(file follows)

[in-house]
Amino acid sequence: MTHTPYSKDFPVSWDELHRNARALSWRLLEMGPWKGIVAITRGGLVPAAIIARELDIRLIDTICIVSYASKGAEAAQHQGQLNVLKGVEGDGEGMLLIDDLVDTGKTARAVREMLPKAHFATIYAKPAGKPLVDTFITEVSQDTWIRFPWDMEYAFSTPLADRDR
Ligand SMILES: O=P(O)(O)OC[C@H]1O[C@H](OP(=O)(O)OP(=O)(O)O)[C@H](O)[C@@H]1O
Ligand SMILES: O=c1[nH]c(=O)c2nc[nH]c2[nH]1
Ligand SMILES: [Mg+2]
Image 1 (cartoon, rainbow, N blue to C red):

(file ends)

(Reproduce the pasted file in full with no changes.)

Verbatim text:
[in-house]
Amino acid sequence: MTHTPYSKDFPVSWDELHRNARALSWRLLEMGPWKGIVAITRGGLVPAAIIARELDIRLIDTICIVSYASKGAEAAQHQGQLNVLKGVEGDGEGMLLIDDLVDTGKTARAVREMLPKAHFATIYAKPAGKPLVDTFITEVSQDTWIRFPWDMEYAFSTPLADRDR
Ligand SMILES: O=P(O)(O)OC[C@H]1O[C@H](OP(=O)(O)OP(=O)(O)O)[C@H](O)[C@@H]1O
Ligand SMILES: O=c1[nH]c(=O)c2nc[nH]c2[nH]1
Ligand SMILES: [Mg+2]
Image 1 (cartoon, rainbow, N blue to C red):